Tales from Swansea Bay

May 2, 2018

 

Swansea City vs. Chelsea : 28 April 2018.

 

Going in to the game at Swansea City’s Liberty Stadium, it honestly felt that everything had been decided. Manchester City were worthy champions, and – sadly – would be joined in next season’s Champions League campaign by Manchester United, Liverpool and Tottenham Hotspur. It seemed that we were destined to finish fifth. It seemed inevitable that Arsenal would finish sixth. At the other end of the table, West Bromwich Albion had been seemingly assured of a last place finish at the end of a miserable campaign. And as the league season entered the final three or four games, it has looked increasingly likely that Stoke City and Southampton would be relegated too.

 

All cut and dried, then? It certainly felt like it.

 

The end of the season has crept up on all of us, and the game in South Wales represented the last away game that I would be driving to this season. We are flying up to Newcastle – “Fly me to The Toon” – for the final match, so this trip represented the last Chuckle Brothers Road Trip of 2017/2018. With an early-evening kick-off at 5.30pm, it meant that we could stretch out and relax a little. We had left our little part of England at 9am under grey and threatening skies, and had packed coats and jackets to insulate us from expected wet and windy weather in Wales. There was a breakfast at McMelksham en route, and the journey went well, apart from the final few miles when the traffic heading in to Swansea itself almost came to a standstill. It is no Cardiff, but Swansea is a reasonable city. The area down by the marina continues to be marked with new building developments, and there is always The Mumbles, just a few miles to the east of the city centre. The skies overhead were brightening. At last, I slotted the Chuckle Bus in a car park overlooking the rocky headland of The Mumbles, with the vast expanse of Swansea Bay stretching out before us. We spotted a nearby pub, The White Rose, and were settled around a table in the dark and old-fashioned boozer at around 12.30pm. There was an homage to Dylan Thomas – Swansea born and bred – stenciled onto one of the pub windows alongside the holy trinity of Welsh insignia; a red dragon, a daffodil and a leek.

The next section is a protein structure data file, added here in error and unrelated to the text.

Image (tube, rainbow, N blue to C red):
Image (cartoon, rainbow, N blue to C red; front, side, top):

“Though they go mad they shall be sane.

 

Read the rest of Chris' report here

 

 

 

 

 

 

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